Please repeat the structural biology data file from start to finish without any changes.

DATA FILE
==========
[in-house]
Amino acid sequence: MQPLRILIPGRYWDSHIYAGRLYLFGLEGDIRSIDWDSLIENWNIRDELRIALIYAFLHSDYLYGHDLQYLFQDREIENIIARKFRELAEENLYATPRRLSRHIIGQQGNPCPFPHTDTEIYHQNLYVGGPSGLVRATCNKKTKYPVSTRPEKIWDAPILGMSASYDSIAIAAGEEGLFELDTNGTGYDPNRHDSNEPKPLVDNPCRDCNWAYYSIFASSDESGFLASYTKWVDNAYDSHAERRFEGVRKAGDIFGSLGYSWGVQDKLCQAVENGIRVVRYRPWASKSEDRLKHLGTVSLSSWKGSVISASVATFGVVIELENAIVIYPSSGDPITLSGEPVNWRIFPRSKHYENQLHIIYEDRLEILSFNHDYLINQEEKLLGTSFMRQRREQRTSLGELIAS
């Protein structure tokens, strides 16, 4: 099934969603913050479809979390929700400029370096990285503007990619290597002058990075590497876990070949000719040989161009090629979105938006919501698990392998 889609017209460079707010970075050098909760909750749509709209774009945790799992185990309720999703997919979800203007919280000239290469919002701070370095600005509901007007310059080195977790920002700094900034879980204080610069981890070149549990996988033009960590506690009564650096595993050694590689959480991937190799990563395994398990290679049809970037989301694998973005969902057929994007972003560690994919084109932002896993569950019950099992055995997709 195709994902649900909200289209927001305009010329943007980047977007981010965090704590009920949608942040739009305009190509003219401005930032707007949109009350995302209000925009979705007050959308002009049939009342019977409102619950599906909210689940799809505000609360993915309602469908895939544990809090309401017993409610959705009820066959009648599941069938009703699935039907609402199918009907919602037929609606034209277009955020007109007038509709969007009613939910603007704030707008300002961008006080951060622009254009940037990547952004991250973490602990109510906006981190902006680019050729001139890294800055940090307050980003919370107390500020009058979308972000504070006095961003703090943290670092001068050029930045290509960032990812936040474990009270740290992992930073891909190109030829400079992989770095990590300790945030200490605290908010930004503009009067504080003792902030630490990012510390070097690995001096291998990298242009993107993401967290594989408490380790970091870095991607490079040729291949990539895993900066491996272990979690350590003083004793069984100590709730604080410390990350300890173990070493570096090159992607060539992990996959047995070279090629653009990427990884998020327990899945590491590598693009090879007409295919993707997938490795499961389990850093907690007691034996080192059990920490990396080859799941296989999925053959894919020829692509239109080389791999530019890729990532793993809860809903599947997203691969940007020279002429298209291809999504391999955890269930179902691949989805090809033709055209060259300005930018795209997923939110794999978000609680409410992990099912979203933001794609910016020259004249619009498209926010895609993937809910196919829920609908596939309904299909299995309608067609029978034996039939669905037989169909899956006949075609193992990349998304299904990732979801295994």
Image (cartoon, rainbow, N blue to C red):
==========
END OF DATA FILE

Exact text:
[in-house]
Amino acid sequence: MQPLRILIPGRYWDSHIYAGRLYLFGLEGDIRSIDWDSLIENWNIRDELRIALIYAFLHSDYLYGHDLQYLFQDREIENIIARKFRELAEENLYATPRRLSRHIIGQQGNPCPFPHTDTEIYHQNLYVGGPSGLVRATCNKKTKYPVSTRPEKIWDAPILGMSASYDSIAIAAGEEGLFELDTNGTGYDPNRHDSNEPKPLVDNPCRDCNWAYYSIFASSDESGFLASYTKWVDNAYDSHAERRFEGVRKAGDIFGSLGYSWGVQDKLCQAVENGIRVVRYRPWASKSEDRLKHLGTVSLSSWKGSVISASVATFGVVIELENAIVIYPSSGDPITLSGEPVNWRIFPRSKHYENQLHIIYEDRLEILSFNHDYLINQEEKLLGTSFMRQRREQRTSLGELIAS
């Protein structure tokens, strides 16, 4: 099934969603913050479809979390929700400029370096990285503007990619290597002058990075590497876990070949000719040989161009090629979105938006919501698990392998 889609017209460079707010970075050098909760909750749509709209774009945790799992185990309720999703997919979800203007919280000239290469919002701070370095600005509901007007310059080195977790920002700094900034879980204080610069981890070149549990996988033009960590506690009564650096595993050694590689959480991937190799990563395994398990290679049809970037989301694998973005969902057929994007972003560690994919084109932002896993569950019950099992055995997709 195709994902649900909200289209927001305009010329943007980047977007981010965090704590009920949608942040739009305009190509003219401005930032707007949109009350995302209000925009979705007050959308002009049939009342019977409102619950599906909210689940799809505000609360993915309602469908895939544990809090309401017993409610959705009820066959009648599941069938009703699935039907609402199918009907919602037929609606034209277009955020007109007038509709969007009613939910603007704030707008300002961008006080951060622009254009940037990547952004991250973490602990109510906006981190902006680019050729001139890294800055940090307050980003919370107390500020009058979308972000504070006095961003703090943290670092001068050029930045290509960032990812936040474990009270740290992992930073891909190109030829400079992989770095990590300790945030200490605290908010930004503009009067504080003792902030630490990012510390070097690995001096291998990298242009993107993401967290594989408490380790970091870095991607490079040729291949990539895993900066491996272990979690350590003083004793069984100590709730604080410390990350300890173990070493570096090159992607060539992990996959047995070279090629653009990427990884998020327990899945590491590598693009090879007409295919993707997938490795499961389990850093907690007691034996080192059990920490990396080859799941296989999925053959894919020829692509239109080389791999530019890729990532793993809860809903599947997203691969940007020279002429298209291809999504391999955890269930179902691949989805090809033709055209060259300005930018795209997923939110794999978000609680409410992990099912979203933001794609910016020259004249619009498209926010895609993937809910196919829920609908596939309904299909299995309608067609029978034996039939669905037989169909899956006949075609193992990349998304299904990732979801295994």
Image (cartoon, rainbow, N blue to C red):